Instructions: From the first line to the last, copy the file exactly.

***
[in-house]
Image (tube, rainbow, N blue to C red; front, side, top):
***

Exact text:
[in-house]
Image (tube, rainbow, N blue to C red; front, side, top):